This is a photo of Beatrice Wood, the Mama of Dada. Artist, muse, writer, lover of Duchamp, the inspiration for Jules et Jim, she lived to an incredible 105 largely she thought thanks to young men and chocolate cake. She once said: "There are three things important in life: honesty, which means living free of the cunning mind; compassion, because if we have no concern for others, we are monsters; and curiosity, for if the mind is not searching, it is dull and unresponsive."
Her life is a great inspiration just to lighten up and focus on what is important - I don't think you get to be 105 by stressing about the small stuff. Read a great article in the Writer's Digest newsletter this morning - how not to be an HMA (High Maintenance Author). Really recommend subscribing to their free email as there is always something interesting. The article made me smile. Most people have a sense of why they want to write - if it is simply for your own private self expression then you won't be working with editors, publishers and agents. However, I think the majority of people who write want to be published at some level. As the article points out, patience is a virtue. It has taken me a long time to get used to just how long everything takes - the shifting deadlines, the articles submitted in January still being considered by summer. The ideas that take months or years of hard work then disappear off the radar when submitted.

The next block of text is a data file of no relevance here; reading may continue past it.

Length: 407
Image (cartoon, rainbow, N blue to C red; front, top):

I was lucky to work with a really great editor last summer. Her suggestions were spot on and by the time I made the changes she suggested the manuscript felt lean and exciting again. However, as this was my first experience of being edited, it took a leap of faith - cutting roughly 25,000 words from the manuscript including the entire 'they all lived happily ever after' wedding and the final chapter wasn't easy. I've worked with plenty of magazine editors and I'm used to seeing my articles chopped around but I've never cared about any piece of work as much as this book. This is my first time, and I figured as she had years of experience editing writers far more successful and established then I should listen to her.
I agree with Beato - honesty, compassion and curiosity are vital for a good life. To this for writers I'd add patience, humility and a sense of humour. This is not after all brain surgery - though it may feel like it at times, nobody's life depends on your book being published. It's nearly a year since I finished editing the manuscript, and while I trusted it was being submitted, I woke up every single day hoping for good news. You know that as a new writer you are not going to be top of the 'To Do' list, you don't want to be a pain in the backside HMA, but as the months drag on ... put it this way, its been a long year. The scary woman on 'Ten Years Younger' would have her work cut out. Still, I've recently met a really great new agent - fingers crossed we'll be working together soon and the first book will at last be submitted and published. This is the best job in the world, and if I get to give up the day job and do this full time I will be over the moon. May just make it to 105 - with or without the chocolate cake.